Quite the catch: Penn State hires new receivers coach
UNIVERSITY PARK — Penn State hired a new wide receivers coach Thursday, while a former coach who held that position with the Nittany Lions took a lucrative job at Michigan.
The new receivers coach is Gerad Parker, who once served as interim head coach at Purdue and most recently spent two seasons as receivers coach at Duke.
Parker replaces David Corley, who was fired the day after the Lions lost to Kentucky in the Citrus Bowl, following a disappointing season by Penn State’s wideouts.
Parker has a drunk driving arrest on his record from nearly two years ago, and he’s scheduled for trial next week on that.
Meanwhile, former Penn State receivers coach Josh Gattis was hired to be Michigan’s offensive coordinator. Gattis left Penn State a year ago to become receivers coach and co-offensive coordinator at Alabama, and he went through an interesting day Thursday.
Gattis initially was linked to the offensive coordinator job at Maryland early Thursday. But a few hours later, the situation had changed and he was hired by Jim Harbaugh to take over Michigan’s offense.
Here’s a closer look at each move:
“We are excited to add Gerad to our staff,” James Franklin said in a PSU statement. “He has a comprehensive background and knows the Big Ten. He is a terrific fit for our staff, university and community. He has a great opportunity to come in and make a significant impact both on and off the field with a very talented position group!
“Gerad played wide receiver in the SEC and has shown he is a great teacher of the position, as well. His wide receiver groups have been able to overachieve throughout his coaching career.”
Parker spent four seasons at Purdue from 2013-16, coaching tight ends and then receivers. When the Boilermakers fired head coach Darrell Hazell midway through the 2016 season, Parker took over as interim head coach. Purdue went 0-6 under Parker’s watch, including a 62-24 home loss to Penn State.
Parker’s career then hit some turmoil.
He was hired to be the running backs coach at Cincinnati for the 2017 season, but he resigned in February of that year and was expected to become receivers coach at East Carolina.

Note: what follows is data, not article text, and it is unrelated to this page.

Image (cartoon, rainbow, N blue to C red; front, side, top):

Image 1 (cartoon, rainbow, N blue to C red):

However, he was arrested in Indiana on Feb. 21, 2017 and charged with operating a vehicle while intoxicated. His blood-alcohol level was above .08 but below .15, so it was a misdemeanor charge.
East Carolina decided not to hire him because of the arrest.
A few months later, though, Duke coach David Cutcliffe gave Parker a second chance and hired him as the Blue Devils’ receivers coach. Parker spent the past two seasons in that role.
“Everyone has made mistakes,” Cutcliffe told reporters in North Carolina when he hired Parker. “This is one I felt very strongly about. This was an outlier. There are trends. There are people that have issues. He’s not one of those. I have zero concern.”
Parker’s trial has been delayed numerous times since his arrest, and it currently is scheduled for Thursday.
Parker set the Kentucky high school record for receiving yards with 4,814 and received a scholarship to Kentucky. He battled injuries throughout his college career from 2000-04 and played only one season, catching 15 passes for 168 yards in 2004.
Parker was an assistant at Kentucky, Tennessee-Martin and Marshall before going to Purdue.
“I am extremely humbled and honored to have the chance to join the Penn State football program,” Parker said in a Penn State statement. “I am so thankful to Coach James Franklin and the entire coaching staff. We as a family are certainly very excited to be a part of a place that has been built with such a passion for football and with such a storied history.
“Coach Franklin has done great things at Penn State and has high expectations of where this program can go. Personally, I feel I have been called on this Earth to coach wideouts and help grow men, what better place to do that than Penn State, a place that is high in talent and has a chance to compete for championships.”
Gattis to Michigan
Gattis was with Franklin at Vanderbilt from 2012-13 and came to Penn State along with the head coach in 2014. He spent four seasons with the Lions and was regarded as an excellent receivers coach and recruiter.
Last January, Gattis left Penn State for Alabama, and he helped the Crimson Tide reach the national championship game this season.
Mike Locksley, the Tide’s fellow co-offensive coordinator, is leaving to become head coach at Maryland. For much of the day Thursday, the thinking was that it was a done deal Gattis would become Maryland’s offensive coordinator.
Then things changed in a hurry, with a late-afternoon announcement that Gattis had been hired by Harbaugh to be Michigan’s offensive coordinator.
“The offense and passing games under Josh’s direction have achieved at a very high level throughout his coaching career,” Harbaugh said in a university statement. “Josh will provide leadership to our offense while being a great mentor to our student-athletes and an outstanding addition to our coaching staff.”
Gattis will have a chance to turn around and modernize Michigan’s offense, and if he does so, will be a major challenge for Penn State in the Big Ten East.
“It is an honor and a privilege to join the University of Michigan football family under Coach Harbaugh, one of the most successful head coaches in all of football,” Gattis said in a university statement.
“I am deeply humbled by the opportunity to serve as your offensive coordinator. This is the leadership challenge I’ve coveted. The football tradition at the University of Michigan is among the very best in college athletics. My family and I couldn’t be more excited to arrive in Ann Arbor.”